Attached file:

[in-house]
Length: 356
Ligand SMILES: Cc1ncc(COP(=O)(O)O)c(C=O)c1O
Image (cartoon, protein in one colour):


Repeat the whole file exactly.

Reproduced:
[in-house]
Length: 356
Ligand SMILES: Cc1ncc(COP(=O)(O)O)c(C=O)c1O
Image (cartoon, protein in one colour):